Craftsman Weedwacker won't stay running

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  #1  
Old 05-22-17, 05:54 PM
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Craftsman Weedwacker won't stay running

Hey folks! I'm running out of ideas here and could use some help. I've got a basic Craftsman 2-stroke weedwacker (model 316.711370) that I can't keep running. I used it a few times after I bought it, then it sat for a winter with fuel still in it (okay oops). It never ran great, but since that winter I haven't been able to get it to stay running at all. With the choke on, it will run until you start to use it, but if you set the choke to 2 or 3, no matter how long it warms up, it will die within 30 seconds if you let it idle, or 2 seconds if you try the throttle. I tried fresh fuel/oil mix, cleaning the carb, replacing the carb, and replacing the spark plug. I tried adjusting the idle screw but it doesn't seem to matter. I called a repair shop but they told me it would cost more to fix than it would to replace. However, I'm considering paying for it anyway just so I know what the cause was. Anyone have any good ideas what else to try before I do that?
 
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Old 05-23-17, 02:02 AM
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cleaning the carb
If it sat for extended time then the carb is all gummed up from varnish and needs to be completely disassembled, cleaned, and reassembled.

Is that what you did?
 
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Old 05-23-17, 03:04 AM
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He said he replaced the carb. Why that much time and money for a POS basic cheap weedeater, I dunno.

Spikey, that's a good shop that gave you good advice. Buy another, run it on a little bit heavy oil mix, run it dry at the end of the season, and fog the cylinder. It will probably last 4-5 yrs if yer lucky. That works out to pretty cheap.
 
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Old 05-23-17, 12:55 PM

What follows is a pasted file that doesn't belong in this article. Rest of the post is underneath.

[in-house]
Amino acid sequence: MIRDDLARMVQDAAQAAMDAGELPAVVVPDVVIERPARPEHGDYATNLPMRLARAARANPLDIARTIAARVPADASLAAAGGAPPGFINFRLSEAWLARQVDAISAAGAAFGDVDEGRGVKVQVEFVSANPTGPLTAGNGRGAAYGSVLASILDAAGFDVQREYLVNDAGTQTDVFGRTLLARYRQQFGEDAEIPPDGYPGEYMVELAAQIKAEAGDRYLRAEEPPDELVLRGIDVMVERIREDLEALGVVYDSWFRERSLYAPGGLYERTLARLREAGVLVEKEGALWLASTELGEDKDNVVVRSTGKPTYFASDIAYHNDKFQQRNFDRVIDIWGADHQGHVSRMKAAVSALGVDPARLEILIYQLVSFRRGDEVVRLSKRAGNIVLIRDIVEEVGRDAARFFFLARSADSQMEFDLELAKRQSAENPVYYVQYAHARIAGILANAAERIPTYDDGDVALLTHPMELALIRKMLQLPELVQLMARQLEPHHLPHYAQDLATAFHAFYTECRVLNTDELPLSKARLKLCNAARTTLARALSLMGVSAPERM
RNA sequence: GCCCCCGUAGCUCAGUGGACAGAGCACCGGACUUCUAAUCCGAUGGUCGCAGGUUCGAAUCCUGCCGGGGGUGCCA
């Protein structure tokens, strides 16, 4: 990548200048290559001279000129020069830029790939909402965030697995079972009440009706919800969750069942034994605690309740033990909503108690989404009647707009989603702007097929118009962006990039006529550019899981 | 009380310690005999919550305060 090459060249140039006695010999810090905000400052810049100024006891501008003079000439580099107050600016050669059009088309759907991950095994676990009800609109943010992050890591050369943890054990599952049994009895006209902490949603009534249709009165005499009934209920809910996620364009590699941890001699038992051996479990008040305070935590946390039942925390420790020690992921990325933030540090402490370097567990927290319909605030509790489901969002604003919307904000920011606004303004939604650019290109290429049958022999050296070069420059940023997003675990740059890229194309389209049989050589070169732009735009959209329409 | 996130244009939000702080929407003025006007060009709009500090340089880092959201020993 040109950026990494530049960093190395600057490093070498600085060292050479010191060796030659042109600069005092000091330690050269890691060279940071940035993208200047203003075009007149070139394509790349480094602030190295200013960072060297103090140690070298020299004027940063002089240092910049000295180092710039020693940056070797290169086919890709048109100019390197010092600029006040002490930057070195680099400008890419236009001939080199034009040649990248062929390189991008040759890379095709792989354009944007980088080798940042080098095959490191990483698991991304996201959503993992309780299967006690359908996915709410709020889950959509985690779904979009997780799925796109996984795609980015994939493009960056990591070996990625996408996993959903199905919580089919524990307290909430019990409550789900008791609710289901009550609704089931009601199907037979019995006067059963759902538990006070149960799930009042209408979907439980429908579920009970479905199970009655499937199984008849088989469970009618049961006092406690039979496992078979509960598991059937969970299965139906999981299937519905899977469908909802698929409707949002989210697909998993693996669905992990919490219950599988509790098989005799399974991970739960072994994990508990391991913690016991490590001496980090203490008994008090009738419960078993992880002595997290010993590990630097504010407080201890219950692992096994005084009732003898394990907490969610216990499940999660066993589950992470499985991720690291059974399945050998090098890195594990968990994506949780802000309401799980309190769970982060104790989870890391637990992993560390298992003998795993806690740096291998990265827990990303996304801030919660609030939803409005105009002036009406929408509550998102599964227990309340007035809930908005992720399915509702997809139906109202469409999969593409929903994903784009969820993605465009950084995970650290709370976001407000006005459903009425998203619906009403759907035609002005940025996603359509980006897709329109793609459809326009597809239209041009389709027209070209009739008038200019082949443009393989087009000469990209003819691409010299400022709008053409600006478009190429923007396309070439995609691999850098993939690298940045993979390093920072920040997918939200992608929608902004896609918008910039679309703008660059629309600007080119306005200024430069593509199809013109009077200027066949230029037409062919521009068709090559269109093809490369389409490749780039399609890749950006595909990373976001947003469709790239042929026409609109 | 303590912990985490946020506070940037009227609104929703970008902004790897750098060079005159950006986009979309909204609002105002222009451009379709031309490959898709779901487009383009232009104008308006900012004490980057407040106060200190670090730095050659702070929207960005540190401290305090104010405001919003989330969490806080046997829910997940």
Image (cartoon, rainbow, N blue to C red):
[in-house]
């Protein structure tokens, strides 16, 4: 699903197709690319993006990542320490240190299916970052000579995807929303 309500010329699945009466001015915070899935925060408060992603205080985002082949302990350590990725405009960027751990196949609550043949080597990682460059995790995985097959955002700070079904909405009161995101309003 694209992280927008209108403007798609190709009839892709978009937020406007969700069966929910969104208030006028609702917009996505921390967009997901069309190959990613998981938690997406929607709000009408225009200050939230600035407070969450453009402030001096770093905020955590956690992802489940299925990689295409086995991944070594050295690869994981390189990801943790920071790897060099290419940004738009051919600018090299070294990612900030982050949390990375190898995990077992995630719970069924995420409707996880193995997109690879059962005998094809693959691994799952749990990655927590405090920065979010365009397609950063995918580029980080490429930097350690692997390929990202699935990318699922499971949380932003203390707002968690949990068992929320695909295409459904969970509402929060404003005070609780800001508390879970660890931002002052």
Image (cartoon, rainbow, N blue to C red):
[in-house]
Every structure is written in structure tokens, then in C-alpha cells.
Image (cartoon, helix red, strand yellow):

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You're considering paying more to fix it than to replace it? Is it sentimental?
Are you running ethanol fuel in it? If so, any trimmer you have is probably going to have this problem eventually. When you replaced the carb, was it with a brand new one?
 
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Old 05-23-17, 06:15 PM
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Not sentimental per se

Ha ha ha - hey folks. No it's not sentimental, and yes you are all correct that fixing it is by no means worth it. Nor was it worth it when I first disassembled and cleaned the carb, and when that failed, completely replaced it. More than anything, it just bugs me. A two-stroke engine seems so simple, I should be able to fix it, and I want to know... you know, for that whole "learning" thing...

I used pump gas (mixed with oil) the first year that probably had 10% ethanol, but since then I'm using the pre-canned stuff so no ethanol, and it hasn't made a difference.

If no one else has any ideas, that's fine, even that would make me feel better. But if there are any other ideas what could be wrong with it, I'd love to hear them.
 
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Old 05-23-17, 08:34 PM
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Replaced it with a new carb? Or another from another trimmer? I'd say you have carb problems most likely. If the fuel filter broke off the fuel line, it would stop up a new carb pretty quickly.
 
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Old 05-24-17, 03:45 AM
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Make sure the cylinder barrel gasket and any crankcase seals are air tight as air leaks affects both the pressure and vacuum conditions of the engine.
 
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Old 05-24-17, 05:33 PM
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Thanks all! Yes, after rebuilding the original carb didn't work I bought a totally new one from Sears. I will check the gasket and seals. I could see how an air leak would make sense.

Thanks for all the help!
 
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Old 05-26-17, 07:24 AM
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If you can get it started spray/dribble carb/brake parts cleaner behind the carb and along all mating surfaces if the engine tempo changes you have an air leak and can take the appropriate action, also check thee fuel lines if they haven't been changed they most likely have a crack in them. Have a good one. Geo
 
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